Tulbaghia acutiloba Harv.
Common names: wild garlic (Eng.); wildeknoffel (Afr.); isihihi (Xho.); ishaladi lezinyoka (Zul.); motsuntsunyane, sefothafotha (sSo.)
A lovely, small and delicate bulbous perennial, with garlic-scented, edible leaves and sweetly fragrant flowers almost all year round.
Tulbaghia acutiloba is a small, clump-forming, bulbous perennial, 150–450 mm tall with soft, narrow, grass-like leaves, 50–450 mm long and 3–8 mm wide. Flowers are small, trumpet-shaped, about 8 × 4 mm, khaki-coloured, with green recurved tepals and a fleshy orange to reddish brown ring, in a 2–6-flowered umbel. They are sweetly scented especially in the evening, and flower throughout the year, but mainly in late winter to early summer (Aug. to Nov.) and can flower more than once a season. All parts of the plant smell of garlic when touched.
As referred to on the Red List of South African plants website, accessed on the 9th of January 2018, the conservation status of T. acutiloba is Least Concern (LC).
Distribution and habitat
Tulbaghia acutiloba grows in dry rocky grasslands, up to 1 800 m altitude, in the summer rainfall regions of southern Africa, occurring in the Eastern Cape, KwaZulu-Natal, Free State, Gauteng, North West, Limpopo and Mpumalanga Provinces of South Africa, and in Lesotho, Swaziland and Botswana.
Derivation of name and historical aspects
The genus Tulbaghia was originally named by Linnaeus after Ryk or Rijk Tulbagh, who was Governor of the Cape Colony, 1751–71. Born in Holland in 1699, he enlisted with the Dutch East India Company, sailed to South Africa in 1716, and died in Cape Town in 1771. He corresponded with Linnaeus over a long period, and sent him more than 200 plant specimens. This genus was first described from material sent by Tulbagh in 1769. The species name acutiloba means ‘sharply pointed lobes’ in Latin and probably refers to the pointed tepals.
Tulbaghia acutiloba flowers attract butterflies, bees and other pollinators and are likely to attract moths, because of their sweetly scented flowers. Plants become dormant during the cold, dry winter months, but in mild winters, the leaves may remain on the plant.
Tulbaghia acutiloba is used in traditional medicine to treat barenness, flu and bad breath. It is also used by Zulu people, in the same way that they use T. violacea, which they refer to as isihaqa, as an aphrodisiac. The garlic smell of the leaves is strong enough to repel pests and it is widely used in companion planting. The leaves are eaten as a culinary herb.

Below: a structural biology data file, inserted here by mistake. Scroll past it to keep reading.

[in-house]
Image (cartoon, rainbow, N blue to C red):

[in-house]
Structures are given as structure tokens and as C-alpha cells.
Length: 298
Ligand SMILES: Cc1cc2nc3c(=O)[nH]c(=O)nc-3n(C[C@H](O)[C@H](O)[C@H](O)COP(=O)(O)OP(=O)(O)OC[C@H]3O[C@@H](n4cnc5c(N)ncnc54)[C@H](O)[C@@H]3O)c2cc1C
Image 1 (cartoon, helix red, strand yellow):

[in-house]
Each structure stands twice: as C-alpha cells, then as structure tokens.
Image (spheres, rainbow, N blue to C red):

Plants are believed to discourage snakes, as snakes dislike the strong smell they produce in the leaves, and, therefore, are often planted around homes to repel snakes.
Growing Tulbaghia acutiloba
Tulbaghia acutiloba is an easy plant to propagate as it can be propagated straight from splitting clumps and through seeds. Leave a clump undisturbed for at least 5 years, or until they are flowering less, before lifting and dividing it. Replant immediately after lifting. Sow seed in spring or early summer. Seed germinates in 2–3 weeks and seed-grown plants will flower in their third year.
It must be planted in a well-drained loam soil enriched with humus, and receive water in summer, although being drought tolerant, it requires minimal watering once established. It is frost hardy, ideal for grassland and Highveld gardens with a dry winter rest period. Best planted in a sunny position among low-growing grasses or in a rockery. It also makes a showy pot plant.
- Archer, R.H. & Victor, J.E. 2005. Tulbaghia acutiloba Harv. National Assessment: Red List of South African plants version 2017.1. Accessed on 2019/01/29.
- Duncan, G. 2010. Grow bulbs. A guide to the cultivation of bulbs of South Africa and neighbouring countries. Kirstenbosch Gardening Series. South African National Biodiversity Institute, Cape Town.
- Manning, J., Goldblatt, P. & Snijman, D. 2002. The color encyclopedia of Cape bulbs. Timber Press, Cambridge.
- Pacific bulb society (online), Tulbaghia. https://www.pacificbulbsociety.org/pbswiki/index.php/Tulbaghia Accessed 23 Jan 2019
- Pooley, E. 1998. A field guide to wild flowers Kwazulu-Natal and the eastern region. Natal Flora Publications Trust, Durban.
- Vosa, C.G. 2000. A revised cytotaxonomy of the genus Tulbaghia, (Alliaceae). Caryologia 53: 2 (83–112). https://examine.com/supplements/tulbaghia-violacea/
- Wild Flower Nursery, Tulbaghia acutiloba. https://wildflowernursery.co.za/indigenous-plant-database/tulbaghia-acutiloba/ Accessed 23 January 2019.
KwaZulu-Natal National Botanical Garden
and Alice Notten
Kirstenbosch National Botanical Garden
Plant Type: Bulb
SA Distribution: Eastern Cape, Free State, Gauteng, KwaZulu-Natal, Limpopo, Mpumalanga, North West
Soil type: Sandy, Loam
Flowering season: Spring, Early Summer, Sporadic/All year
Flower colour: Green, Orange
Aspect: Full Sun
Gardening skill: Easy